• Access the Ranger user interface and confirm that you can find the Starburst Enterprise Presto service type.

  • Add an SEP service type with a service name that matches SEP’s ranger.service-name configuration property by clicking the “plus” icon next to the SEP service type in the Ranger Service Manager.

With the SEP Ranger plugin installed in Ranger, you can create one or multiple services with SEP. This allows you to have separate services for different SEP clusters.

Note

Every upgrade of SEP, requires an upgrade of the SEP Ranger plugin.

Ranger plugin configuration#

With Ranger installed and configured you are now ready to configure Ranger as the activated access control system. Update etc/config.properties and set the path to your Ranger access control configuration file:

access-control.config-files=etc/access-control-ranger.properties

Subsequently configure details in the file:

access-control.name=ranger
ranger.policy-rest-url=http://ranger.example.com:6080
ranger.service-name=presto-production
ranger.presto-plugin-username=<username>
ranger.presto-plugin-password=<password>
ranger.policy-refresh-interval=30s

More details about the supported configuration properties are available in the Ranger overview.

Resource and privilege sets#

All resource and privilege sets, documented in the key concepts section Ranger overview, are available.

Denying access to specific tables and columns#

You may need to restrict access for users to tables or columns for security or other reasons.

Non-Hive catalogs#

The following example shows how to control access for users to tables or columns in non-Hive catalogs, such as a PostgreSQL database exposed by a catalog called``mypostgres``:

  • In the SEP Ranger UI, create an ALLOW policy with SELECT access type and assign it to the users, groups or roles you need.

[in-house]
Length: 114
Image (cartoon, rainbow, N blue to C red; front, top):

• Add a pattern to allow all resources in the the mypostgres catalog:

    • catalog: mypostgres

    • schema: *

    • table: *

    • column: *

  • Create a similar policy in the UI, this time with the DENY type.

  • Add a pattern to deny access to the empl_salary column:

    • catalog: *

    • schema: *

    • table: *

    • column: empl_salary

You can proceed with layering more restrictive access policies for specific columns and tables because Ranger processes DENY policies before ALLOW policies for non-Hive catalogs.

Hive catalogs#

The following example shows how to achieve that for any $path column and any $partitions table exposed by a catalog called myhive:

  • In the Ranger UI, create an ALLOW policy with SELECT access type and assign it to the users, groups or roles you need.

  • Add a pattern to allow all resources in the the myhive catalog:

    • catalog: myhive

    • schema: *

    • table: *

    • column: *

  • Create a similar policy in the UI, this time with the DENY type.

  • Add a pattern to deny access to the $path column:

    • catalog: *

    • schema: *

    • table: *

    • column: $path

  • Create another DENY policy in the UI that restricts access to $partitions tables:

    • catalog: *

    • schema: *

    • table: *$partitions

    • column: *

This method of restricting access works, because Ranger processes DENY policies before ALLOW policies, when evaluating conditions.

Note

The $path column is an artificial column in Hive. It contains information about the location of data file. The table$partitions table contains internal information about the partitioning of the table. All this information should typically not be available to normal users. The above examples shows how you can implement this best practice for catalogs using the Hive connector.

SEP Ranger plugin upgrade#

Typically you automatically get the latest version of the SEP Ranger plugin, when updating and there is no necessary configuration changes you need to apply.

One exception is if you use user impersonation in combination with Ranger. This feature is new with version 345-e, and if you are upgrading to that release you need to perform the following manual upgrade steps.

Before starting this upgrade, you need to gather the following information:

  • the path to your current SEP Ranger plugin, for example ${RANGER_HOME}/ews/webapp/WEB-INF/lib/presto-ranger-plugin-2.0.33.jar

  • your Ranger host information

  • the Ranger plugin download, version 2.0.34+

The changes need to be performed while SEP is not running.

Remove the old plugin:

rm ${RANGER_HOME}/ews/webapp/WEB-INF/lib/presto-ranger-plugin-*.jar

Add the new plugin:

cp presto-ranger-plugin-*.jar ${RANGER_HOME}/ews/webapp/WEB-INF/lib

Start Ranger:

${RANGER_BASE}/start.sh

Recreate the SEP service definition in Ranger with the Starburst Ranger CLI and the properties files as used in the initial installation:

starburst-ranger-cli service-definition starburst override --properties=access-control-ranger.properties

After the service definitions are updated, start SEP.